The purpose of the paper is to analyze the different modes of species dispersal and the various types of alien species dispersed in the Indian peninsular region and its impact on the eco system and livelihoods.

Design/methodology/approach

The paper portrays the various identified alien species, the scale of invasion thereby resulting in biological disaster caused by mankind.

Findings

The paper lists the invasive alien species (IAS) are those that are transmitted from their own ecological niche and to a new niche due to human influence, which causes the biodiversity disaster. International boundaries are indeed porous to the intentional and unintentional movement of species from various eco systems in the country.

Originality/value

It is felt that few initiatives are being taken by International Union for Conservation of Nature (IUCN) and governance of eco system from IAS is a necessity. Sustainable eco system governance (SESG) from invasive alien species should be emphasized to avoid biodiversity disasters that will have an impact on food security and nutrition of human beings.

Details

Disaster Prevention and Management: An International Journal, vol. 19 no. 3
Type: Research Article
ISSN: 0965-3562

Keywords

Article
Publication date: 26 November 2020

Stefan Schaltegger

The purpose of this study is to identify sources of epidemics and deduct conclusions for management, accounting and reporting.

Abstract

Purpose

The purpose of this study is to identify sources of epidemics and deduct conclusions for management, accounting and reporting.

Design/methodology/approach

Review of scientific literature on epidemics; conceptualization.

Findings

Three key sources and paths of zoonotic diseases are distinguished and conclusions drawn for organizational change and accounting.

Research limitations/implications

Accounting for ecosystems and ecosystem management needs to receive more attention in research and practice to combat key sources of epidemics and pandemics.

Social implications

To reduce the likelihood of future pandemics the paths of epidemics development need to be broken.

Originality/value

Conceptual systematization of key sources of epidemics and pandemics; concluding management, accounting and reporting consequences.

Details

Journal of Accounting & Organizational Change, vol. 16 no. 4
Type: Research Article
ISSN: 1832-5912

Keywords

Article
Publication date: 3 June 2019

Sandip Mukhopadhyay and Harry Bouwman

Because of the attention increasingly being focused on digital transformation, interest in business models of platform-enabled ecosystems is rising rapidly. Although there…

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Abstract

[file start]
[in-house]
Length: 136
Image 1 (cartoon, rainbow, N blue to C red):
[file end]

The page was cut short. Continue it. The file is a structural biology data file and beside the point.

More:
Purpose

Because of the attention increasingly being focused on digital transformation, interest in business models of platform-enabled ecosystems is rising rapidly. Although there are different theoretical views on the role of ecosystems, a synthesis of research, with a focus on governance and orchestration in dynamic, multi-industry eco-systems, is lacking.

Design/methodology/approach

A systematic literature review was conducted by following a rigorous search protocol in the scholarly databases covering both journal articles and conference papers These papers were subsequently filtered, and finally, 48 relevant papers were selected for analysis.

Findings

The review identifies five key aspects of platform governance design that need close consideration: the meta-organisation or ecosystem design, coordination mechanisms, mechanisms for value co-creation, value appropriation mechanisms and architectural principles. To achieve balance among a set of competing demands, platform leaders need to devote adequate attention to these aspects.

Practical implications

Based on a literature review, the authors provide an overview of underlying theoretical views, research methods and key trends to develop a sound theoretical grounding for research on platform governance design. The paper also suggests research gaps in the existing literature and sets directions for researchers to strengthen the understanding of effective platform governance design. The paper also provides valuable information to managers in developing or leading a successful platform ecosystem.

Originality/value

The paper uses existing literature published in this topic and original in nature.

Details

Digital Policy, Regulation and Governance, vol. 21 no. 4
Type: Research Article
ISSN: 2398-5038

Keywords

Article
Publication date: 1 December 2018

Talie Tohidi Moghadam and Mahmoud Feizabadi

This study provides insight into using ecological design principles in designing high-rise buildings for increasing the ecological capacity of a region. It is a…

Abstract

This study provides insight into using ecological design principles in designing high-rise buildings for increasing the ecological capacity of a region. It is a descriptive-analytical survey, which starts with the literacy of the subject, and continues by analyzing successful ecologically designed case studies around the world and notes that by using ecological design principles in designing high-rise buildings, can increase the ecological capacity of a region in order to meet its occupant needs. It indicates that by the industrialization of cities, due to population growth, the value of the land and lack of it for growing population to be settled in, designing high-rise buildings may be the best solution to solve the problem. Moreover, the importance of designing high-rise buildings based on ecological principles has been highlighted by environmental pollution, natural hazards and endangered ecosystems. The ecological design for high-rise buildings is becoming more and more important considering environmental issues. This approach is routed in remaking the natural relationships in ecosystems. The most important feature of nature which can be used in ecological design is its power of reconstruction and rehabilitation. So we can reach an ecosystem in scale of a high-rise building which imitates nature in all its aspects.

Details

Open House International, vol. 43 no. 4
Type: Research Article
ISSN: 0168-2601

Keywords

Article
Publication date: 12 October 2015

Isabelle Nicolai and Sylvie Faucheux

This paper aims to identify and to characterize the current evolution of “sustainable mobility” solutions. After considering this trend as an expression of eco-innovation…

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Abstract

Purpose

This paper aims to identify and to characterize the current evolution of “sustainable mobility” solutions. After considering this trend as an expression of eco-innovation, the authors look at the impacts of the emerging business models for the introduction of these eco-innovations, on the wider “eco-system” of mobility.